Another example from TikTok of online accountability in 2022 is Drew Afualo. She’s a hilarious and naturally engaging creator who has quickly become popular for duetting men who post openly misogynistic, racist, or fatphobic content on the app, calling them out and often causing them to delete their videos or even their entire accounts.
Seeing men panic and rush to cover their tracks after they’ve been called out by someone with such a large platform can be funny, but I’m often left to wonder: what’s next? Have their views changed, or has being called out and dogpiled only reinforced their existing world view?
Videos like Afualo’s don’t address any of the underlying issues that lead men to be sexist, racist, or fatphobic, and obviously I don’t expect a 26-year-old from California to shoulder that responsibility. But the popularity of videos like hers and the normalisation of dedicated and coordinated call out and harassment campaigns against people deemed problematic with seemingly little regard given to systemic solutions makes me wonder what the end goal of this kind of online activism is.
Do we want people to change, or do we just want them to take their noxious views offline, or to a forum where we don’t have to encounter them? If we want them to change, who do we feel bears the responsibility of facilitating and encouraging that change? If we want them to merely change forums, what do we think should happen to those who are obvious products of harmful and bigoted online echo chambers?
As Lorenz states, these kinds of mob-fronted campaigns don’t lead to any sort of lasting accountability or change. When you combine that with the fact that many of those involved in online harassment campaigns are simultaneously calling for people to lose their jobs (appealing to authority to dispense justice, in this case, a representative of the capitalist state) and police involvement (particularly in the case of Prater), you’re left to wonder whether they’re actually invested in creating lasting change, or merely interested in upholding the status quo, the existing justice system that already harms so many.
These thoughts inevitably lead me to the work of abolitionists and those who believe in transformative justice. A future without policing, without prisons, and without snap judgements and condemnations is the only one that makes sense to me. Believing in that future means believing in the power of people to change and grow as people, to learn from their mistakes. It also means monitoring my own behaviour to ensure I’m affording people enough grace and understanding to undergo those changes; writing people off does little to incentivise character development.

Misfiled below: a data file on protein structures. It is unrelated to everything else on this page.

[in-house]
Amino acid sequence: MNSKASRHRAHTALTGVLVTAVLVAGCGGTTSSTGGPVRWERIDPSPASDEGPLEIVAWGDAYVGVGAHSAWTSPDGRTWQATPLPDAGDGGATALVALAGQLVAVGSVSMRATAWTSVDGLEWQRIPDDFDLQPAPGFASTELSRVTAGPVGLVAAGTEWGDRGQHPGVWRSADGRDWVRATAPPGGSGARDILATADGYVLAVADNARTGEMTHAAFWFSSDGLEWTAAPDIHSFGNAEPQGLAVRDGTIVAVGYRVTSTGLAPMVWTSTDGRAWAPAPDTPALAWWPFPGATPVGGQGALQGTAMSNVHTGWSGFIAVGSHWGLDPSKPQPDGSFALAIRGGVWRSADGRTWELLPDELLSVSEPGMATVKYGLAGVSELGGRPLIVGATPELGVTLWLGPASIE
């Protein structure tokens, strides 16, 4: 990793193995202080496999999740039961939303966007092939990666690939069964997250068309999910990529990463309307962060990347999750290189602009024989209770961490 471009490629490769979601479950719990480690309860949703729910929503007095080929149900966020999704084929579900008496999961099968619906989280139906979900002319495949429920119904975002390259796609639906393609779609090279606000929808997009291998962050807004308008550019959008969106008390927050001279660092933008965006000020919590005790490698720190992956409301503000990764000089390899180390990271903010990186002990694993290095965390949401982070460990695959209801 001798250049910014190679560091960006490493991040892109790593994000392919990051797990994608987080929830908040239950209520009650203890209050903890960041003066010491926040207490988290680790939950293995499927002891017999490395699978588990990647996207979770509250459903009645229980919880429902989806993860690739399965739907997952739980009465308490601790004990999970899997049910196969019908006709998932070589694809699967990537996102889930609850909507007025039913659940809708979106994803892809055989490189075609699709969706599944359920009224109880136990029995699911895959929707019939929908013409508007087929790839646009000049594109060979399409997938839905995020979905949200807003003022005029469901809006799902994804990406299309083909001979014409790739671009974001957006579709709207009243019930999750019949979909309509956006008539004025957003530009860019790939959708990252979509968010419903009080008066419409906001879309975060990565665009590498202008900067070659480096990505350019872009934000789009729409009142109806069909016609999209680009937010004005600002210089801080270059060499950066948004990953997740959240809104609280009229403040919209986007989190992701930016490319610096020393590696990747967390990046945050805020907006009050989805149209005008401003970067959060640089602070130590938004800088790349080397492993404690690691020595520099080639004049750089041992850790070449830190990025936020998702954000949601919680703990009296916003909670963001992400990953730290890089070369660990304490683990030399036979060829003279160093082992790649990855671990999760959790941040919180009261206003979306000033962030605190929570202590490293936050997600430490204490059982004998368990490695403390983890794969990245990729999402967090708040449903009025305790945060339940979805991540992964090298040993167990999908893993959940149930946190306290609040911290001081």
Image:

Writing about Paula Rojas’ contention that “the cops are in our heads and our hearts”, Mariame Kaba says, “She contends that U.S. activists and organizers have internalized dominant ideas of how to organize that are based on a capitalist model which distorts the possibilities for true social transformation. The cop in our heads is therefore internalized capitalism.
I want to adapt Paula’s argument for my own purposes here. The fact is that for many of us, the ACTUAL cops are in our heads and in our hearts. We acquiesce to state power because it is easier than constantly resisting it.”
I would argue that this cycle of online call-outs and mob justice we’re trapped in does little except replicate existing power structures and dominant models of dealing with people we deem undesirable. Even if it is difficult for a group of young people to ‘cancel’ someone in any tangible sense, writing them off as a lost cause is basically confining them to the prison in our mind. We’ve ostracised them, we’ve performed justice, the job is done.
Micah Hobbes Frazier, a mediator who practices transformative justice, told Teen Vogue that a core belief of transformative justice is that all people are valuable. “We need to hold people in their humanity and their possibility to transform even when they've done incredible amounts of violence.” Dismissing someone, whether they’ve committed an actual crime or just a social one, fails to recognise their humanity and their possibility as a human being to change.
In a collection of essays about the NBC sitcom The Good Place, ethics professor Steven A. Benko writes, “The ethical laughter in The Good Place comes from the generosity in realizing that morality is not a destination. It is a journey, and the good person is the person who is trying to be good.”
Aristotle was writing about people’s capacity for growth and developing moral character a long-ass time ago, and we’re still discussing how to best go about doing that today. I don’t have all the answers, but recognising that other people are just as human as we are, and just as capable of making both mistakes and change as we are, is the only ethical starting point from which all other decisions should flow.